101 of terrorism  

Probably, the government was also being swayed by the usual good terrorists and bad terrorist conundrum. Sri Lanka was at the receiving end of this thinking when we were fighting terrorists who slaughtered civilians. Still, some members of the international community were more inclined to see the ‘political goals’ of the terrorists than the barbarism of their actions.  


Terrorists are called terrorists not for their political goals but for the actions and strategies they adopt in pursuance of these goals - when their actions constitute premeditated acts of violence targeting civilians in order to influence a target audience through the sheer display of terror.  
For a country that has suffered under terrorism, it is not hard for Sri Lanka to stick to this commonsense position on terrorism wherever it occurs. By trying to find moral justifications for terrorism, Sri Lanka is weakening its own defence.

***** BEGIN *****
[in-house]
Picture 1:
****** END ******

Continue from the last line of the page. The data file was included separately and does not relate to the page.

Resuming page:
UN General Assembly resolutions are nonbinding, and Israel rejected the call for a ceasefire and questioned the legitimacy of the UN.  


At the time of writing, a humanitarian catastrophe is dawning in Gaza, as Israel is proceeding with a land incursion, having reduced to rubble much of the civilian infrastructure in Gaza through intense aerial bombing. Civilian deaths have crossed 8,000, one-third of which are children. Israel’s actions, by all accounts, constitute war crimes and crimes against humanity. However, when the countries, including Sri Lanka, fail in the first place to call terrorism by its name, they unfortunately compromise their moral right to call out Israel for its war crimes.  

Follow @RangaJayasuriya on X  


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  Comments - 2

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  • Acid Friday, 03 November 2023 03:15 PM

    If Hamas are terrorists, so is Keppetipola, and all the Uwa Welassa people. I don't see the government condemning them? So why should it condemn Hamas. You are a cheap fellow Mr. Jayasooriya.

    Wiraj Friday, 03 November 2023 06:14 PM

    Writer conveniently ignores other parallels. When Tamils wanted to get equal rights thru negotiations and non-violence, they were beaten up and ridiculed which gave birth to the barbaric LTTE, same way Hamas was born from the oppressed Palestinians. Yes LTTE did horrible massacres in the south. What about the much worser massacres in the North